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A new report from the Eno Center for Transportation highlights the unique nature of the governance of Baltimore's transit system, the only one of the country's 50 largest state-run transit agencies to operate without a board of directors or local funding. Depending exclusively on federal and state funds, writes Alex Holt in Greater Greater Washington, makes Baltimore "uniquely vulnerable to the whims of each passing Maryland governor."
The report strongly recommends reform, emphasizing the importance of transit governance in determining a system's responsiveness to community needs. Governed by a single administrator, the Maryland Transit Administration (MTA) finds itself at a disadvantage when competing with other state agencies and regions (including the Washington, D.C. metropolitan area) for funding and support. The structure also gives the governor the power to make important decisions about local transit without additional oversight. With transit projects often needing up to a decade to get off the ground, leaving decisions up to governors means many projects get scrapped or forgotten as administrations change.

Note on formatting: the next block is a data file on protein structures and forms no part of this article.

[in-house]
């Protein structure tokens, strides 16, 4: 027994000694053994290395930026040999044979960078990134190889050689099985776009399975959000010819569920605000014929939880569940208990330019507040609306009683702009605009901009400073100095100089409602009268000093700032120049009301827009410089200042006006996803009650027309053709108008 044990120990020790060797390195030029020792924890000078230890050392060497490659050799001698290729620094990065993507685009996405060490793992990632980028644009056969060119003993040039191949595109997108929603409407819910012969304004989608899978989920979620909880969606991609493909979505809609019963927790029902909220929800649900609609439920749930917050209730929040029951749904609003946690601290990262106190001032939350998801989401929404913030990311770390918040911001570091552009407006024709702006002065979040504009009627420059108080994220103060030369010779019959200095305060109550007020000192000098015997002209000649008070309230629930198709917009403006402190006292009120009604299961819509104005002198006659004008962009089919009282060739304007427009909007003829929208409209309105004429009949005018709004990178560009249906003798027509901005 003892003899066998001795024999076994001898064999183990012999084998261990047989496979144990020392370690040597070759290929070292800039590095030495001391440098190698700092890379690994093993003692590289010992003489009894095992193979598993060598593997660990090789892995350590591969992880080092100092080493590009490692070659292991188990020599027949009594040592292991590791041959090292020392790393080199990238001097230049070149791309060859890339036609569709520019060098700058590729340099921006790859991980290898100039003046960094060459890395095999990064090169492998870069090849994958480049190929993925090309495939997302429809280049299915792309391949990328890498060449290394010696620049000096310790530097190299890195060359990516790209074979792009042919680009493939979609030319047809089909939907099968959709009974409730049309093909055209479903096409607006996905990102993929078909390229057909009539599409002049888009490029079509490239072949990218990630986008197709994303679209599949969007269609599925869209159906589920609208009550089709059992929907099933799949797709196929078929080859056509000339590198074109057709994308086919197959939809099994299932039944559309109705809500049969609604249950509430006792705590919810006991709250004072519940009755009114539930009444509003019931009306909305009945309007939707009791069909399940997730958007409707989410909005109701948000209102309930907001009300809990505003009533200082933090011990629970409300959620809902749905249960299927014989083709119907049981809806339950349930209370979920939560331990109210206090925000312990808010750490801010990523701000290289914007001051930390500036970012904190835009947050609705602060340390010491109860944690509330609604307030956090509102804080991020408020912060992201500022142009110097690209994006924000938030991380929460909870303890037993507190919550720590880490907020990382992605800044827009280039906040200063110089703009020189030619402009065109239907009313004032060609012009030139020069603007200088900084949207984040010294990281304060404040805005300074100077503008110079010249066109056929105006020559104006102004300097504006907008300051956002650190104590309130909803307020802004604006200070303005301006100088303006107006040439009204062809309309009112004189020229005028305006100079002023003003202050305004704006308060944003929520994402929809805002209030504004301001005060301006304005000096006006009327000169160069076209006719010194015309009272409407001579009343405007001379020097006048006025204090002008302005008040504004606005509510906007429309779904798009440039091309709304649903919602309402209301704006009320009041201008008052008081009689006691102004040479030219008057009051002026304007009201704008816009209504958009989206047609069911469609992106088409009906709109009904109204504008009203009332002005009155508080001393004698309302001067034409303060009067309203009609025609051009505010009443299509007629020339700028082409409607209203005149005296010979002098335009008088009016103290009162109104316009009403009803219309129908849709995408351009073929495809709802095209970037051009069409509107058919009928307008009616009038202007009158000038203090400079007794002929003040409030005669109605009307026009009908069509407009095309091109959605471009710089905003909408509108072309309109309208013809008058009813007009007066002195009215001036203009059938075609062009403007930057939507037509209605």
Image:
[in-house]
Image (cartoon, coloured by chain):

To remedy the situation, the report presents three possible solutions modeled on Boston, Pittsburgh, and Minneapolis. The suggestions include establishing transit oversight boards, installing a state-level board of directors, and forming a new, more comprehensive transit authority that includes funding and representation from multiple jurisdictions. While some solutions are faster and cheaper than others, the Eno Center report makes clear that the MTA needs drastic reform and more local control in order to effectively serve Baltimore's citizens.